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Mr. Green Car: More about the success of the Chevy Volt

November 2, 2011

The 2012 Chevy Volt. (Photo by Allen Penticoff)

By Allen Penticoff
Free-lance Writer

In my last Mr. Green Car column (Oct. 19-25), I told you about my experience with a test drive of the new Chevy Volt. After my deadline had come and gone, and it was too late to revise the story, I recalled that I had a thought I needed to share with you.

That important message is this: the Volt drives like any other car. There is nothing about driving it that would be substantially different from driving a conventionally-powered vehicle. The “gas pedal” feels the same (although it should be called a “speed control pedal”), braking, turning, handling — all the same.

The Volt has an electric heater, “automatic” heated seats and electric air conditioner (more about these in a bit). Out on the highway, there is some wind and tire noise, so driving is not totally silent. It still hits bumps in the road. Distracted away from the flashy digital displays in front of you by the need to be paying attention to driving, you will forget you are driving an electric car.

This is a great success. In the past, electric cars required a lot of compromises — most were the domain of hobbyists willing to put up with their many quirks and limitations. Now, you get all the comforts, convenience and utility we’ve come to expect with our vehicles, with the bonus of clean driving. You can be good to the earth, to our health, and not give up anything.

The Volt is a rolling computer. Many new cars are. The Volt has taken this all to the current state of the art. You can sync your smart phone to it to have the Volt tell you what the status of its charge is — or to tell it to turn on the air conditioner or heater before you arrive to drive. Since these climate-control devices are electrically driven, you won’t be polluting while the vehicle warms up. Heck, you can even heat/cool the car while it sits in the garage with the door closed. The cost is reduced electric drive time, though.

Chevrolet even worked with Bose Corporation to design an audio system that was more energy efficient. It has a USB port, so you can take all your tunes along on a thumb drive, and the satellite radio has a DVR-like function to play back up to 20 minutes of live radio. And, of course, there is GPS navigation.

Like other new cars, you don’t have a key to start it. You show up at the car with a key fob in your pocket, and it unlocks the door and lets the car know it’s OK to go when you press the “on” button. For safety, it has eight air bags. The parking brake is engaged by the push of a button. Shifting is a familiar lever on the center console.

As an electric car driver, you will need to be contemplating the power you are using in running the heater, air conditioner and audio system — all these affect the miles you can drive on batteries only. But if you have a short drive or you can connect to what will be an expanding network of charging stations (and GM will help you set up your own if you agree to share it), then there may be little concern for using these features in your daily use — so it will be essentially “normal.” The difference will be you’ll plug in now and then.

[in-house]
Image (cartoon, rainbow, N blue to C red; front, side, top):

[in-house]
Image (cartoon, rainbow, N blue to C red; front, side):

The heart of all this are the 288 lithium-ion batteries that provide 16,000 watts at 360 volts. That’s a lot of power — equivalent to 30 12-volt batteries hooked up in series — and even then, they could not do the job of the light-weight lithium-ion batteries.

Charging on 110 volts takes 10 hours to recharge flat batteries, and four hours with 220 volts (basically an electric dryer connection). But I figure most drives will not deplete the battery, and whenever you come home, you’ll plug it in, even if you are heading out again shortly. It would become an easy habit: park, then plug in. This will hold true as other plug-in hybrids and electric cars appear on the market.

The Volt’s battery warranty is eight years/100,000 miles, including the electronic components. The rest of the car has a three-year/36,000-mile warranty.

All you need is a clean (not coal, natural gas or oil) electric power source, and you can count yourself as making a big impact on the environment — while giving up nothing in your driving experience. Actually, even if the power source is not “clean,” you are still making a significant contribution to clean air. Congratulations on making the right choice in transportation.

From the Nov. 2-8, 2011, issue

One Comment

  1. James C. Davis

    December 14, 2011 at 12:07 pm

    Mr. Penticoff:
    I just read you article. You quote.
    “Now, you get all the comforts, convenience and utility we’ve come to expect with our vehicles, with the bonus of clean driving. You can be good to the earth, to our health, and not give up anything”
    Where do you think the clean electricity comes from, does coal, gas, nuke come to mind?
    Without coal, gas, oil, nuke power there would be no electricity (unless you use wind solar) to make it and how reliable is that?
    What about the compontents that make up the batteries, what will you do with them when their life is over? Clean I don’t think so.
    “Convenience?” What are you going to do for 10 hours while it’s recharging, can’t listen to radio.

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